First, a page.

Team Radioshack director Johan Bruyneel admitted the conditions were challenging, but was glad none of his riders were involved. “There were some parts [of the road] that were very slippery. And there were a lot of crashes,” he said. “I saw a lot of guys going down, so it was good that the guys [from Radioshack] were in the front so they didn’t take too many risks.
“When I saw those crashes on the downhill, it was mostly guys who were dropped and were trying to make it back, taking more risks than they should,” he added. “But there’s only one way to go back to the front group and that’s to go faster than they do…so you have to take risks.”
Cervelo Test Team sport director Jean Paul van Poppel agreed that riders were taking too many risks on the stage. “We saw a lot of crashes on the downhill, it was super slippery,” said Van Poppel. “Some people went over the edge, one fell in front of the car - I think they took too many risks.”
Wearing the stars and stripes of the USA national champion, Hincapie was among the riders to crash on the stage. “I didn't feel good at all on the climbs," Hincapie said. "That's probably normal after crashing at 60 kp/h. Hopefully I'll feel better as the race goes on."
While it ended the day on a high note UnitedHealthcare-Maxxis also suffered a tough day during the stage. After falling the previous day Andrew Pinfold went down again, leaving him with “road rash on top of road rash”. Team-mate Matt Crane fell on the Oakville Grade descent, while Chris Baldwin also had a fall...
Karl Menzies (UnitedHealthcare-Maxxis) fell four seconds shy of the capturing the golden leader's jersey when a tyre slide on the wet pavement caused him to lose position during the final sprint in stage two's 177km road race at the Amgen Tour of California.
The Australian sprinter placed 12th, out of the time bonuses offered to the top three finishers and currently sits in third place overall behind race leader Brett Lancaster (Cervélo Test Team) and stage runner up Peter Sagan (Liquigas-Doimo).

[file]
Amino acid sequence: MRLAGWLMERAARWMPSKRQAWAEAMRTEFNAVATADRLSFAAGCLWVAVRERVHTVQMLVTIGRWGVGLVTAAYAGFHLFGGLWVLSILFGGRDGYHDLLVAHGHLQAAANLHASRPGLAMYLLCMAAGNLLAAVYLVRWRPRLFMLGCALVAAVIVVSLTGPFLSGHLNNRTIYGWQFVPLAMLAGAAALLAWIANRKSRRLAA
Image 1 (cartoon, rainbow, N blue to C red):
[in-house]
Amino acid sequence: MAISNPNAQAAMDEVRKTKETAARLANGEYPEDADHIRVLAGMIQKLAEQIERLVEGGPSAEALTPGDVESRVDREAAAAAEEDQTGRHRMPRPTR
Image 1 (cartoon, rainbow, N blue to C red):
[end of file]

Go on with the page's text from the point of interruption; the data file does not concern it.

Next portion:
"I think we would have been able to win the stage today," Menzies told Cyclingnews. "But, if I wasn't in that breakaway today, I wouldn't have been in that front group. I was able to climb the climbs at my own pace and the last climb I gave everything I just had to try to get to the top of it.
"I knew when I got to the top I'd be fine. The group came across and I was looking forward to the sprint because we had Marc [De Maar] and Rory [Sutherland] there... Shit happens. Rory still had a good sprint, he was fourth. It was definitely an opportunity lost but we put it out there and raced hard."
Menzies rode into an early breakaway of five riders that included Mike Friedman (Jelly Belly p/b Kenda), Andrew Randell (SpiderTech p/b Planet Energy), Thomas Rabou (Team Type 1) and Jay Thomson (Fly V Australia).
The five riders maintained a steady five-minute margin ahead of the peloton, lead predominantly by the RadioShack team. Menzies picked up a total of six seconds at the two intermediate sprint zones offered on route making him the virtual leader on the road.
"It's definitely good for our confidence today," Menzies continued. "Rory and Marc were riding really well and Max Jenkins wasn't far off there on the climb. I felt good in the group. It was a good confidence booster because we've been in the breakaways and animating the race so far."
After riding more than 160km off the front, a group of 20 riders...
RadioShack rider pleased to be back in the peloton
Team RadioShack’s Daryl Impey has said he has felt no ill-effects after his return to racing at the Tour of Picardie following a serious crash at the Tour of Catalonia in late March. Speaking to Cyclingnews from his Spanish base in Girona, the 25-year-old South African described himself as, "impressed with the condition I had" in the three-day French stage race.
"It didn’t go too badly at all. I didn’t have any expectations really as it was my first race in a couple of months and I just had some training back home under my belt. But I went there intending to do a good job for the team and I think I managed that. I did my part, chasing down breaks and setting the pace in the bunch.